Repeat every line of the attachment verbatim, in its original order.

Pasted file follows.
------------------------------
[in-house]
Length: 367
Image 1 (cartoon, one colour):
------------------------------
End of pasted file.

[in-house]
Length: 367
Image 1 (cartoon, one colour):